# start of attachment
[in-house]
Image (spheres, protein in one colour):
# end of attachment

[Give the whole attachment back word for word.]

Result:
[in-house]
Image (spheres, protein in one colour):